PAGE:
An Encounter with Martin the Armenian

I’ve always been fascinated by the accomplishments made by Armenians to world civilization. Obviously, the fact we were able to overcome a genocide was monumental. The fact we were able to establish a democratic state after 70 years of servitude by the USSR was another.

Let’s not omit the fact we were the first nation in history to accept Christianity as a state religion (301 A.D.). I look to the father of plastic surgery (Kazanjian) and the entrepreneur who saved the USS Constitution (Galician) from being scrapped as other reasons to celebrate.

But one that always stirs the pot is this. You may or may not know that the first naturalized citizen of what we today call America was an Armenian.

Capt. John Smith
Capt. John Smith

Look in the history books and you’ll come across the name of Martin the Armenian. Yes, the first recorded Armenian immigrant on American soil was a Virginian. He goes back to 1607 when he settled in Jamestown with Capt. John Smith.

Martin introduced the cultivation of “silkworm” into the New World. Virginia records show that he gave testimony in a trial in Jamestown in 1619 and also worked as a tobacconist.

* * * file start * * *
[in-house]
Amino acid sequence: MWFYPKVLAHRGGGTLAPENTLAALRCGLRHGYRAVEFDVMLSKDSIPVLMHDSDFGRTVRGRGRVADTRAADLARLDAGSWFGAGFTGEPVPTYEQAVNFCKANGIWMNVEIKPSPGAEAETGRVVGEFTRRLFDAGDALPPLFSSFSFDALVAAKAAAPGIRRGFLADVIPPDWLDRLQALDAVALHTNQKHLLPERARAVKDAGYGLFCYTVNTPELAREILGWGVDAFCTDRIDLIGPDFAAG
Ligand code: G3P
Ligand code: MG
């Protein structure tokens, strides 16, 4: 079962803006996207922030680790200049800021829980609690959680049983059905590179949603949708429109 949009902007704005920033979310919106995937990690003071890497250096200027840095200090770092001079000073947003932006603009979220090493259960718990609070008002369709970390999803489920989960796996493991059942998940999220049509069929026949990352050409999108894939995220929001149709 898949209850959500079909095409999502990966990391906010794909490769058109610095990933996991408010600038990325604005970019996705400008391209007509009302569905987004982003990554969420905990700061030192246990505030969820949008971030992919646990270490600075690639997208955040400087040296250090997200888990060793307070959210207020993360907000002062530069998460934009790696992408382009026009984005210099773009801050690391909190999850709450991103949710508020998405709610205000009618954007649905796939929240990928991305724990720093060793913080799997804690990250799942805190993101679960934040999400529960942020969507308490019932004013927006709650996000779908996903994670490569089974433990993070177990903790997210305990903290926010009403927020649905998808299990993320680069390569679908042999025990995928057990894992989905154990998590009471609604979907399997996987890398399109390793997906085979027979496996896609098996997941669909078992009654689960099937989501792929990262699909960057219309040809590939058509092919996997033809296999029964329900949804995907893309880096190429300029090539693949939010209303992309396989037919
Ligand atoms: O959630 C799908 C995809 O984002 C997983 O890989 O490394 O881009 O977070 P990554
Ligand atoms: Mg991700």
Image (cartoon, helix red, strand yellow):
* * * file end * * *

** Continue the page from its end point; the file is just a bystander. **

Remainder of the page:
I enjoy throwing out these historical nuggets whenever I’m invited to a speaking engagement, not necessarily among Armenian circles but more notably inside the American mainstream.

Outsiders are amazed by our unique history, beginning with the landing of Noah’s Ark on Mount Ararat, giving some credence to Armenia as the birthplace of the human race. Don’t call it trivia unless you intend to minimize fact.

But Martin the Armenian four centuries ago? A listener not long ago questioned the veracity of that tidbit during a library presentation concerning my new book, Armenians of the Merrimack Valley. I don’t recall how we approached the subject, unless I went off on a tangent and started rambling, which is often the occasion.

“America wasn’t born at that time,” he reminded me.

“I realize that,” I answered back. “Territories had not been ratified into statehood back in the 1600’s. The land we know now as Virginia was still a state in waiting. The Puritans came here and many Armenians joined the movement with Capt. John Smith.”

I don’t know if my answer appeased the gentleman, but who was he to argue with history? A week later, I was at a Boston hospital undergoing some tests when a woman approached me for some blood work. She looked Armenian to me—and I to her.

Like when two Armenians meet in the most unsuspected places, they create a new Armenia, as Saroyan tells us.

She recognized the name after being a long-time subscriber to the Armenian press. Turns out, she had read many of my articles.

“What’s your name?” I inquired.

“You would never know I’m Armenian by my name. It’s a long story.”

“You can tell me all about it while you’re drawing my blood sample.”

“My name is Martin,” she interjected. “I’m Martin the Armenian.”

“You shortened your name from Martinian, then? I knew an Armenian like that. Had he dropped the ‘ian’ he would have been Martin Martin and that would have posed some question on the part of skeptics.”